Why We Avoid Making Cold Calls -- And What You Can Do About It

Dan Flynn

PWN Founder
<center>Why We Avoid Making Cold Calls -- And What You Can Do About It</center>

Published 6/05/00
Mark Sanford

Cold calling works, but it can also be frustrating because of the high rejection rate. It's easy to find other things to do besides making cold calls. For anyone who suffers from sales call reluctance, here is Why We Avoid Making Cold Calls -- And What You Can Do About It.

Mary Lou, an insurance agent, finds that it's easier to bone up on her product knowledge than it is to make prospecting calls. Brian finds himself writing proposals for prospective clients rather than picking up the phone. Jack, a real estate agent, reviews the MLS catalogs to make sure he knows all of the new listings that might be of interest to his buyers instead of making the prospecting calls he knows will get him sales.

Ever feel like Mary Lou, Brian or Jack? You want to make more cold calls, you know it will get you more prospects, and you know it will make you more money, but you just don't do it. Many of us really want to make the calls, but we seem to be "paralyzed."

Paralysis is often what happens when we face something threatening that we don't want to do. So, we procrastinate or find a substitute activity. One of my friends in the securities field, Joe Murray, claimed he was the most creative procrastinator he knew. He would go to the bank, talk on the phone, write letters, make to-do lists -- anything to avoid picking up the phone to make cold calls.

Some people procrastinate to avoid taking action that would reveal their abilities, skills or intellectual competence. They hide out in other activities to avoid being judged. As William James once said: "With no attempt, there can be no failure; with no failure, there's no humiliation." Because many people feel their sense of self-worth is related to their abilities, they avoid activities that might get them judged, which could make them feel bad about themselves. It seems safer not to take that risk at all, even though cold calling could increase their sales.

You can overcome your reluctance to make calls by a using a formula I have developed. It is based on years of study, and personal and client experience. I have coined the acronym GIRDA to stand for this formula:

G -- Goal
First, set a goal for the daily quota of calls. Daily goals are more empowering than long-term goals. If you set a daily goal of even just one call at first, you'll make five more calls this week than if you hadn't set that goal. Daily goals give you an immediate sense of accomplishment.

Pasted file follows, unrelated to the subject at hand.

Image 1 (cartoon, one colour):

I -- Increase
Then incrementally increase your daily goal so you learn either that:

The negative things you think might happen usually don't happen.
The negative things that do happen are things you can handle.

R -- Record
Keep a daily record of:
All the calls, contacts and agreements you secured
Each piece of literature you sent out
Actual sales you made
This way, you will begin to understand the ebb and flow of calling activity. A well-kept log will reveal that results are a function of the amount of calling you do. One of the false beliefs of sales call reluctance is the conviction that you never advance, but are continually rejected. Good records will help you disprove this.

D -- Disconnect
Disconnect from the inner critic that keeps providing excuses for why you shouldn't make cold calls. This inner critic cannot distinguish between real and imaginary threats. Salespeople who have done a lot of calling know that these threats are imaginary 99.9% of the time. The new prospects you identify and the sales you make, however, will be very real.

A -- Accountability
Have an accountability partner to whom you report progress toward your cold-calling goals. Find another person who is having difficulty making prospecting calls. (That shouldn't be too hard.) Talk about one another's progress weekly or even daily to ensure you both stay on track. The buddy system works.

Faithfully following this formula will do wonders for disproving the negative beliefs that cause prospecting paralysis.

Dan Flynn
Timberland Power Wash
Houston, Texas.


Hey Dan
We havn't been here before.GREAT POST AND GOOD IDEA

heck when things have been slow for us, shirley will get on the phone find the name of the right person to talk too, or ask if if they would like us to send them a brochure if there intrested, or offer free demo!!!
I ALSO offer the free demo when I make these cold calls and it has never failed us to pick-up a job or 2, even a account when we needed it the most.
never give-up, practice will make you better and you learn from your mistakes.



[This message has been edited by Jim&Shirley (edited February 03, 2001).]


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I found this post in the PWN library, and thought it might be of interest to many of our members.

(See top post by Dan Flynn dated February 2001)


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